On November 25, 1982, the Administrative Commission of the Raseiniai Rayon Executive Committee, consisting of Chairwoman (Mrs.) O. Stonienė (Vice Chairman of the Executive Committee), Secretary (Mrs.) D. Kleivienė and members: (Mrs.) O. Pikelienė (Chairman of the Raseiniai City Executive Committee), P. Korol-kov (Raseiniai Militia Chief) and J. Ažubalis (Director of the Finance Section) fined the faithful of the Viduklė Parish who had actively participated in the All Souls' Procession and their pastor:

1. The pastor, Father Alfonsas Svarinskas, fifty rubles (administratively fined six times).

2.Juozas Norvilą, fifty rubles (also fined in 1981).

3.Alfonsas Staskevičius, fifty rubles.


On October 29, 1982, in the Edvardas Tičkus Middle School in Rokiškis, the leader of the atheist group, Teacher (Mrs.) Milda Dilienė, summoned believing pupil (Miss) Gita Tervydytė, Class 6C, and tried to convince her to be responsible in her class for atheism, and demanded that the girl bring two books of religious content or a prayerbook. "During atheist meetings we will read the prayerbook and have a laugh at the crazy prayers," Teacher Dilienė added, grinning. Gita Tervydytė refused to obey such demands of the teacher.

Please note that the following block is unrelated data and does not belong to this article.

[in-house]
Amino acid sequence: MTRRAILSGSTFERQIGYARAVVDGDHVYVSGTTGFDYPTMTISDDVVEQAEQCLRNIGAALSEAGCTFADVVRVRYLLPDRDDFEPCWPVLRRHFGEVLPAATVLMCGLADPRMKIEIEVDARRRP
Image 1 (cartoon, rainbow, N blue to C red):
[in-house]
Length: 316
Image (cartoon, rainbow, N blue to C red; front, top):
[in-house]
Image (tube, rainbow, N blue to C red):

On Sunday, October 31, 1982, during evening devotions, Teacher Milda Dilienė, leader of the E. Tičkus Middle School atheist group of Rokiškis, together with the leader of Pioneers at the same school, came to church spying to find out who serves at Mass. After rudely disturbing he order in church, they chased away school­children who were serving at the altar during Holy Mass.


Varanavo Rayon.